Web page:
Links to games we had tested with the Makey Makey (games highlighted are the ones we used in the final prototype):

Ergonomics

The next step in our research was to figure out the science and implications of the way movements of the body affect our health and also how different game controllers and the way we hold them effects game play. The most logical way to go to find info on this was to look for research conducted by e-sports specialists. Our research found that posture and ergonomics are directly related to successful game play. Certain postures and movements provide the body with relief from cramps and muscle pain. Furthermore, when playing video games, watching the screen is a very important part of the experience but it’s also known that staring at screens for long periods of time can strain the eyes. By making the placement of the game eyelevel and the screen at least an arm length away from the player, the gaming experience will be a lot better. As well, wrist and finger positioning should be in such a way that it makes it easy and intuitive for someone to use.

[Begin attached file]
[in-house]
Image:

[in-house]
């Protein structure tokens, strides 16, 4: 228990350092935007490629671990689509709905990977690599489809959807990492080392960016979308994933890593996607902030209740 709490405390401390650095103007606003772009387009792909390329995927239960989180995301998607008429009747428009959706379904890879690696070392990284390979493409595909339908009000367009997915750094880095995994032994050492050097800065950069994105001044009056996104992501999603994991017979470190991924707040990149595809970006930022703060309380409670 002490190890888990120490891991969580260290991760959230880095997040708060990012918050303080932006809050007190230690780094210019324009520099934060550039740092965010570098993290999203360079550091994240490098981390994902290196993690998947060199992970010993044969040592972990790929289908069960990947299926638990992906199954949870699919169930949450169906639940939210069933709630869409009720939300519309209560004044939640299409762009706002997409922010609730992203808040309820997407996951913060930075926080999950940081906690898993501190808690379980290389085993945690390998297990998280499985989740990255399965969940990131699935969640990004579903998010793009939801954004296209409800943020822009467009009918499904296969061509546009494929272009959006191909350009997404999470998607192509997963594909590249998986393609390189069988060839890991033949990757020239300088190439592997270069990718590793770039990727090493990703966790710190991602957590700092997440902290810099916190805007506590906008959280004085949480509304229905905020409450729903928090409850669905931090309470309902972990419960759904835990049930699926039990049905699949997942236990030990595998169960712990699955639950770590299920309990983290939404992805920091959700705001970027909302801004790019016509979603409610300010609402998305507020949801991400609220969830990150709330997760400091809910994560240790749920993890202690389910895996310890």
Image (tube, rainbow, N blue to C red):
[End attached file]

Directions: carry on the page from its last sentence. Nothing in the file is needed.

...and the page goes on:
When we designed our interfaces, we took all of these facts into account. For example, with the Happy Wheels game, one would sit on a comfortable bean bag in which they could position it to their liking. The controls included intuitive foot pedals with one used to step on the gas and move the character on the screen forward and one used to break. This freed up the players hands so that they could reach up to the hat and press it to control certain things in the game and lastly the bandana on the chest of the player one would simply touch to activate. We thought carefully about the controls with all of our games, both relating the functionality with the theme of the game itself and making sure the controls were comfortable and ergonomic enough to make playing more fun.

Research sources:

http://www.1-hp.org/2016/10/28/esports-health-it-starts-with-ergonomics-and-posture/

https://medium.com/what-the-tech/ergonomics-of-gaming-gear-a07058f88bf3

Documentation

Click to see Club Penguin Dance + Rocker Look

Activates the body and encourages users to move and dance in order to gain pints, win tickets and get prizes!

Creating the 'Edgy Gloves'
Creating the ‘Edgy Gloves’

Click to see Happy Wheels + The Dude

Encourages the user to step outside of the traditional hand positions found in most game controllers. This design relives stress that could build in the the tendons and muscles of the hands.